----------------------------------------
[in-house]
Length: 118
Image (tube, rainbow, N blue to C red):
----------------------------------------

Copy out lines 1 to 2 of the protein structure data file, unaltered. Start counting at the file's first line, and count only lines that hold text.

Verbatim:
[in-house]
Length: 118